Please note, this article is a personal account of registering a business in Latvia in 2015! It should help you get a rough idea of the processes you’re likely to face.
Registering as self employed or setting up your own business is never going to be the simplest of processes anywhere in the world, and unsurprisingly Latvia is no different. Much like haggling for a Soviet-era war medal at Latgalīte market with zero knowledge of the Russian or Latvian language, it’s going to be a nightmare, and you’ll probably get robbed in the process.
Let’s look at the options.
Types of registration
You can register as “self employed” – meaning you can choose to pay a small fixed amount of income tax if the income does not exceed 14,424 Euros a year (I think it’s around 5%). If your income exceeds that threshold, then you’re liable to pay around 720 Euros plus 7% of the amount that goes over. I believe you may get higher tax for the following few years as a result, too. To be honest, self employment tax is probably an entire book’s worth of writing alone, so let’s not get into that.
You can register a SIA (the Latvian equivalent of an Ltd or LLC) and there are two main types of SIA at the moment:
A regular SIA, where you are likely to pay 15% corporate income tax and I don’t think there are any obvious thresholds in place, or limits on things like dividends or salary.
A “Micro enterprise” SIA (or “mikrouzņēmums”) where you pay less corporate income tax, but can only pay yourself a salary of up to 720 Euros per month (sounds like an odd number, but it comes from the conversion from Lats to Euros – this amount used to be 500 Lats on the nose).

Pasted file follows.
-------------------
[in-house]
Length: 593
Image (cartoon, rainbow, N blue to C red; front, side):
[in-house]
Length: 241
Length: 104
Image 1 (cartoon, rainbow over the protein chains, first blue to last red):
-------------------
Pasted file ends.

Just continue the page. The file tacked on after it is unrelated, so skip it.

It would appear that the Latvian government are trying to phase out micro enterprises over the next few years, since they probably see it as a way for people to get around paying more tax than they have to, and hey – why make it easy for someone to start a business, right?
The tax rate for micro enterprises with annual turnover under 7000 Euros is 9%. Those with higher turnover pay 11% in 2015, 13% in 2016 and 15% in 2017. By that time, it’s probably worth changing the status of your organisation to a regular SIA, so that you’re not restricted salary-wise.
In Latvia, your SIA needs to be registered for VAT (you will get a VAT registration number for your company, which is basically also your company registration number).
If you provide services (design, consultation etc.) as opposed to tangible products, then there are some things to bear in mind about VAT:
- If you provide services to companies outside of Latvia, then they do not need to pay VAT on your services.
- If you provide services to companies within Latvia, then you have to charge them VAT (currently 21%).
(There is a reduced rate of VAT in Latvia of 10%, which is applied to pharmaceuticals, veterinary medicine, infant products, books, certain mass media products, hotel accommodation costs, water supply, certain utility services, sport tickets, electricity and heating for inhabitants.)
This means for me, as a design and creative services provider, it’s more beneficial to work with companies based outside of Latvia. With Latvia’s adoption of the Euro in 2014, it’s also much easier for me to work with companies within the Eurozone.
The information you see in this post shouldn’t be taken as gospel, and everyone’s situation will be different. I’d recommend seeking professional advice before committing to your business, however I can at least tell you what I did, and my experiences as I did it. Hopefully it will provide an insight into the general methods.
1 – Find an accountant
I can’t recommend this enough. An accountant who can handle all your invoicing, returns and paperwork is going to be very useful. I work with Valteri SIA.
2 – Find a lawyer
Don’t be afraid to get a lawyer on board to handle the registration process. It’s a complex ordeal and they will know what to do. I had a Latvian contact who was able to recommend an English-speaking lawyer to help me.
3 – Pull together the relevant documents
I met with the lawyer and we discussed what I would require for my business, and from what I gathered, this is the list: